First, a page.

With her new book, Fierce Medicine: Breakthrough Practices to Heal the Body and Ignite the Spirit, world-renowned yoga teacher Ana shares her story of healing from a childhood filled with abuse and neglect. Through yoga, horses, and time spent with healers, she found power and strength, and she travels the world sharing her methods with others. Each chapter includes part of her story, then ends with suggested exercises to free the body of physical, emotional, and psychic pain.
I first saw her in the dining hall of the Kripalu Center for Yoga and Health. In the midst of a meal, I suddenly felt compelled to turn around. I saw a lean, fine-boned woman with black hair pulled into a simple braid that went down her back. Her body looked young, but her face showed her age, and I guessed, correctly, that she is a few years older than I. I couldn’t seem to stop staring at her–she had that “something” that made me curious, a sort of in-your-face strength. I thought, I want me some of that.
When I went home, I bought her DVDs. The practices in both were challenging but safe, and I immediately adopted her approach to neck position, which reduces strain in the neck during practice. Then I bought her five-CD set, each with a two-hour practice. These routines are far more difficult than the DVDs and are not for beginning students.
Eventually Ana came to Houston, as many local yoga teachers here have studied under her and adopted her style. I attended one of her weekend workshops, and yikes! After several 2.5 hour classes, I felt like I had hit and crossed my limits. Still, in person, though she is powerful, she also carries a softness about her. She is funnier and more compassionate than she seemed at that moment at Kripalu. I could see why so many have adopted her style.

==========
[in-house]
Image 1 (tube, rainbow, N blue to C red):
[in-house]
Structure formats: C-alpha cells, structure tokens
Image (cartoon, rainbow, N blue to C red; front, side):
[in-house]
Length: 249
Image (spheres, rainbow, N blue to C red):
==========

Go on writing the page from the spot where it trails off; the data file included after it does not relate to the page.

Still, I had questions. Forrest is well known for jaw-dropping demonstrations, and I wondered if I was viewing a true yoga master or someone with a huge ego who needed to show off. I also wondered why she never mentioned her teachers. And why all the emphasis on the physical aspect of yoga, which is but one small piece of a practice?
I found many answers to these questions in Fierce Medicine. With characteristic in-your-face directness and humor, Forrest describes how she learned more from unknown teachers than the so-called celebrity teachers. She also describes her approach to yoga in great detail and in a way that made sense to me. Finally, I understood that the demonstrations are to help people break through their notions of what is possible. As I mentioned, she’s older than I am (I’m 52), and I like having people in my life who expand my vision.
Most important to me as I read the book, was that Ana’s vulnerability and humanity shone through. She is honest and forthright, and I trusted her more as a teacher as I learned more about the person. Her journey from abuse, alcoholism, and drug abuse to healer is an extraordinary and well-written one.
Some of the practices in this book are challenging (handstands are an example), and I would advise those who are interested to try beginner-level classes with a Forrest Yoga teacher. Forrest Yoga is challenging but safe in a classroom environment. If you are not working with a teacher and/or have health conditions that limit movement, you’ll need to be more careful. Still, even if you don’t practice yoga, Fierce Medicine is an inspiring story of a courageous woman.